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New issue of 'Dabiq' features interview with widow of Paris gunman

The Islamic State released the seventh issue of its English-language magazine, Dabiq, this week. This issue includes an interview with Hayat Boumediene, the girlfriend of Amedy Coulibaly, the jihadist who killed a policewoman and attacked a kosher market in eastern Paris on Jan. 9.

Coulibaly launched the assault two days following the attacks on French satirical magazine, Charlie Hebdo. Before he was killed by the police, Coulibaly told a French television channel that he had been working with the Kouachi brothers, who assaulted the Charlie Hebdo offices.

The interview, presented in a question and answer format, begins with a brief introduction explaining that Coulibaly sent Boumediene to Syria prior to carrying out the Paris attack. The magazine refers to Boumediene as Umm Basir al Muhajirah, which translates to "mother of the discerning, the immigrant." Because Boumediene is a woman, the jihadist group will not show her picture and the magazine uses a photograph of Coulibaly instead.

Coulibaly, who pledged allegiance to the Islamic State in a video, was killed when police stormed the deli. In the Islamic State's release, Boumediene notes that prior to his death, Coulibaly asked her not to show him Islamic State videos because "it would make him want to perform hijrah immediately and that would have conflicted with his intent to carry out the operations in France." Hijrah refers to the migration of jihadists to the Islamic State's 'caliphate.'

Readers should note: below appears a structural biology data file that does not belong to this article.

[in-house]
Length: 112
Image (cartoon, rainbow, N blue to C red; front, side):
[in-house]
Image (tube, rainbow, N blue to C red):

Boumediene encourages her "sisters" to "be bases of support and safety for your husbands, brothers, fathers and sons." She also states that women should learn their religion and read the Quran. "It is essential for you to love Allah and His Messenger more than your own selves, your husbands, your children, and your parents," she says.

Boumediene's emphasis on the need for women to study the Quran echoes the manifesto recently released by the Islamic State's all-female al-Khans'aa Brigade, in which the author(s) stresses the importance for women to study religion and Islamic history. In the interview, Boumediene expresses her happiness with living in Syria, stating, "living in a land where the law of Allah is implemented is something great." Similarly, the manifesto also praises living under Shariah law in the 'caliphate.'

According to the BBC, Turkish authorities said Boumediene arrived in Turkey prior to the Paris attacks and crossed into Syria on January 8, one day before Coulibaly attacked the kosher market in Paris. French authorities say Boumediene exchanged over 500 phone calls with the wife of one of the Charlie Hebdo gunmen, Cherif Kouachi, in 2014. Boumediene was known to French authorities for her links to Islamic extremists, according to multiple press reports.

Cherif and Said Koauchi reportedly had ties to al Qaeda in the Arabian Peninsula (AQAP). Before he was killed by the police in a printing factory, Cherif Kouachi claimed he had been sent to carry out the attacks by al Qaeda in Yemen, and that he went to Yemen on a trip funded by Anwar al-Awlaki, according to CNN. Said Kouachi also reportedly met with Awlaki on a trip to Yemen in 2011.

AQAP claimed responsibility for the Charlie Hebdo attacks last month through a speech by senior official Nasser bin Ali al Ansi. In the speech, al Ansi states that the "emir of the operation" worked with Awlaki.

[Source: By Mallory Shelbourne, The Long War Journal, NJ, 13Feb15]

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small logoThis document has been published on 16Feb15 by the Equipo Nizkor and Derechos Human Rights. In accordance with Title 17 U.S.C. Section 107, this material is distributed without profit to those who have expressed a prior interest in receiving the included information for research and educational purposes.